20th International AIDS Conference - Melbourne, Australia

Abstract

TUPE164 - Poster Exhibition


Mental models of placebo and vaccine-induced seropositivity among MSM in India: implications for interventions to counter preventive misconception among prospective HIV vaccine trial participants

V. Chakrapani1,2, P.A. Newman3, S. Mengle2, D. Shinde2, D.K. Dakshinamoorthy1, R. Nelson1, M. Shunmugam1,2

1Centre for Sexuality and Health Research and Policy (C-SHaRP), Chennai, India, 2The Humsafar Trust, Mumbai, India, 3University of Toronto, Factor-Inwentash Faculty of Social Work/Centre for Applied Social Research, Toronto, Canada

Background: Understanding of key HIV vaccine trial concepts is important to ensuring informed decision-making about participation. In order to prepare for future trials among MSM in India, we explored how mental models (simplified cognitive representations of complex concepts) may influence understanding of trial concepts, with the purpose of informing educational interventions.
Methods: From October 2013 to January 2014 we conducted 40 in-depth interviews among a purposive sampling of diverse MSM from three community-based organizations in Chennai and Mumbai, and six key informant interviews with healthcare providers and community leaders. Interviews were audio-recorded, transcribed and translated into English. We used techniques of metaphor analysis and frame analysis to identify and explore mental models relevant to HIV vaccine trials, including placebo-control and vaccine-induced HIV seropositivity (VISP).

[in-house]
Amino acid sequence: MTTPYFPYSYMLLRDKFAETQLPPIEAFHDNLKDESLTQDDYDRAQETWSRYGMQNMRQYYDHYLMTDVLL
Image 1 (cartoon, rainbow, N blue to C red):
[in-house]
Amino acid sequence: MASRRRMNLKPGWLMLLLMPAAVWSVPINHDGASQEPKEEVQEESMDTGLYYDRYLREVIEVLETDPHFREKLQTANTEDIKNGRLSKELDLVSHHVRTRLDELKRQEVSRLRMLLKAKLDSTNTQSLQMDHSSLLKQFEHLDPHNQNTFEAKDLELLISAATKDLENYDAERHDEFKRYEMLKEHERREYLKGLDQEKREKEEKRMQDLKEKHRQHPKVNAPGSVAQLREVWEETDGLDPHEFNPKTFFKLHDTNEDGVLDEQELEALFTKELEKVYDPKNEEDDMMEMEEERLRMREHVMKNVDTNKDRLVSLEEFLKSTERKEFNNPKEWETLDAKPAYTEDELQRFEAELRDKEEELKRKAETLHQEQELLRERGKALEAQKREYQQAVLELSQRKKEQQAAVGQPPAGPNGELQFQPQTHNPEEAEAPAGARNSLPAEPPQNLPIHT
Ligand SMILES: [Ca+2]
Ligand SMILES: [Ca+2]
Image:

Results: Participants'' mean age was 28.1 years (SD=6.3); 65% (n=26) completed college and 80% (n=32) were employed, 20% (n=8) in sex work. Participants generally indicated understanding of vaccines; however, randomized controlled trials presented a variety of challenges. Participants largely understood “placebo,” providing several examples (“distilled water”, “fake product”); but the rationale behind randomized controlled trials was often misunderstood. For some, placebos were seen as an excuse for researchers in the event a test vaccine is not efficacious. Some described an imperative to unblind trial volunteers throughout, so appropriate ''precautions'' (e.g., condom use) can be taken. Participants with greater understanding referred to advertisements comparing two health drinks, detergents. VISP was largely misinterpreted as actual HIV infection: due to vaccine-induced infection, ''live'' HIV injection, and trial use of unsterile needles. Understanding of “false-positive” HIV tests facilitated accurate conceptions of VISP. A variety of misconceptions supported not practicing safer sex, including belief in test vaccine efficacy, “helping” researchers determine efficacy, and using VISP to surmise one was “protected.”
Conclusions: Some mental models, based on participants'' existing web of knowledge, facilitated understanding of key HIV vaccine trial concepts; but several others supported inaccuracies about trial rationales, risks, and fuelled preventive misconception. An evidence-informed mental models approach based on local understandings may complement traditional scientific literacy efforts to support HIV vaccine trial preparedness among MSM in India.

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